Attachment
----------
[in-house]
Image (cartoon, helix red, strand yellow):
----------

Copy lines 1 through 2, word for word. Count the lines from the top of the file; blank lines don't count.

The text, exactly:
[in-house]
Image (cartoon, helix red, strand yellow):